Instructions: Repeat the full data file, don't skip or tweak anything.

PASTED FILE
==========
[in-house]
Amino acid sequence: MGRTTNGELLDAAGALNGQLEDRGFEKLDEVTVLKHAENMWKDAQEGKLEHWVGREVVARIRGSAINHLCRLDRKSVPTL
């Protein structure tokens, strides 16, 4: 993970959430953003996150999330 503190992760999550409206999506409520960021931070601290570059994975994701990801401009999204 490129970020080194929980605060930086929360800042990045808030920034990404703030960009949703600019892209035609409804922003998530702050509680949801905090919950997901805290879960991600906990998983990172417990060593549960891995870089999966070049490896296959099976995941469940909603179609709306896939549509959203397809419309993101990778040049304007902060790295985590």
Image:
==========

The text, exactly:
[in-house]
Amino acid sequence: MGRTTNGELLDAAGALNGQLEDRGFEKLDEVTVLKHAENMWKDAQEGKLEHWVGREVVARIRGSAINHLCRLDRKSVPTL
């Protein structure tokens, strides 16, 4: 993970959430953003996150999330 503190992760999550409206999506409520960021931070601290570059994975994701990801401009999204 490129970020080194929980605060930086929360800042990045808030920034990404703030960009949703600019892209035609409804922003998530702050509680949801905090919950997901805290879960991600906990998983990172417990060593549960891995870089999966070049490896296959099976995941469940909603179609709306896939549509959203397809419309993101990778040049304007902060790295985590």
Image: